Why Doesn't DISD's HR Director Live in Dallas? 'Cause She Doesn't Have To.
I've been trading e-mails since yesterday with Dallas Independent School District’s spokesman extraordinaire Jon Dahlander on the subject of retired Air Force colonel Kimberly Olson, head of personnel for the district. She’s the person who approved all the unfunded teacher hirings that supposedly put Dallas schools in the worst fiscal crisis ever. Olson clearly enjoys full confidence of the superintendent and most of the school board.
I asked Dahlander -- because people keep calling and asking me -- how Olson can continue to work for DISD under the district’s residency requirements for employees, most of whom have to live in the city. Olson lives 62 miles west of Dallas in Weatherford.
At least, I assume she lives there, since she’s an elected member of the Weatherford Independent School District board of trustees. That post would definitely require her to live within the boundaries of the Weatherford ISD. I’m told she has a ranch. I have a call in to her and have made a request to talk to her through Dahlander.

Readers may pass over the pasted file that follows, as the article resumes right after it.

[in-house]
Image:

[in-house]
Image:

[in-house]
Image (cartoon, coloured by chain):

As always, Dahlander has told me some stuff I did not know.
The last thing I knew -- and the impression of the people calling me -- was that the Dallas school board had granted residency waivers to top executives in October of 2007 that should have run out in October of this year.
Dahlander tells me the board granted another extension to a list of people, including Olson, in March of this year until July 2009. So there you have it.
Most people who work for the school district have to live in Dallas. But not certain people. We could call them special people. But all of DISD is sort of special., isn’t it?
The board doesn’t have to stand for election. The top executives don’t have to obey the rules. Nobody counts the money. Nobody’s at fault for anything.
I guess this is what they mean when they talk about mentoring. --Jim Schutze
Get the This Week's Top Stories Newsletter
Every week we collect the latest news, music and arts stories — along with film and food reviews and the best things to do this week — so that you'll never miss Observer's biggest stories.